HWS commemorates the 60th anniversary of the Peace Corps by asking alums to reflect on their service as volunteers. Lucie Mendelson ’17 shares her experience as a Spanish literacy promoter in the Dominican Republic and what it was like to have her time cut short by the pandemic.
On March 15, 2020, Lucie Mendelson ’17 was serving as a Spanish literacy promoter and Peace Corps volunteer in the Dominican Republic when she was evacuated due to the coronavirus pandemic. She recalls the day well, as she received an email informing her of the evacuation during a party celebrating her 26th birthday.
“I was celebrating with two other volunteers and a few kids from my school,” Mendelson explains. “There were a lot of rumors going around that we’d get evacuated. We were joking about how it wouldn’t happen at the exact moment we got the email.”
Mendelson had five weeks left of her service when she was given about 16 hours to pack her things and say goodbye. “The next morning about 80 kids from my school came to my house and walked me to my bus stop,” she says. “I have never cried that hard in my life.”
Even though it was an abrupt goodbye, there were happy moments. “To make me less sad, one of my first-grade students said he’d sing me an ‘English’ song,” Mendelson says. “He sang ‘Happy Birthday’ nonstop for 15 minutes, but didn’t know the real words. It was all gibberish, but it was so cute.”
Mendelson is currently pursuing a master’s in special education and teaching at American University and working as a lab fellow at the Lab School of Washington, where she teaches students with learning disabilities. Her focus on special education was partly inspired by her experience in the Dominican Republic; in the area where she worked, students with disabilities were not usually educated in the schools, and Mendelson sought to make the environment more equitable.
“I was able to help train the teachers in my community and convince some parents who thought that it was a bad idea to integrate kids with special needs into the school,” she says, explaining that several months of conversation led to moving the classroom of a kindergarten student with cerebral palsy from the second floor to the first. “I still talk to that student and his family a lot,” she says. “He’s in second grade now and one of the best readers in his class.”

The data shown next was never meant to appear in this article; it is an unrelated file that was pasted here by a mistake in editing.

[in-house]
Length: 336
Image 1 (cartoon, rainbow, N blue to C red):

While Mendelson considered joining the Peace Corps as early as her first year at HWS, it was a study abroad experience in New Zealand with Professor of Education Jamie MaKinster that allowed her to see volunteering as part of her path. “I was able to student-teach a fourth grade class there and I realized that there’s really an entire world that treats education differently than we do in the U.S.,” she explains. “Professor MaKinster helped me contextualize what I was experiencing while learning and working abroad.”
A sociology and educational studies double major, Mendelson served as a senior board member for the HWS First Generation initiative and as a tutor and a student coordinator with America Reads. While her time with America Reads helped prepare her to teach literacy in the Dominican Republic, the Peace Corps offered experiences that pushed her out of her comfort zone.
“I had the opportunity to do things I never thought I’d do,” Mendelson explains. “I taught sex-education, worked with several female empowerment groups for teen girls, helped form a co-ed dominos league, taught kids to read Haitian Creole and was the emcee and judge of an ‘eco-friendly’ beauty pageant, where the contestants had to create dresses made out of recycled goods.”
Mendelson encourages current HWS students to consider serving in the Peace Corps. “Be open to experiences,” she advises. “Don’t have set expectations on how it’s going to go, because it won’t. If you go in with a blank slate, your experience will be that much better.”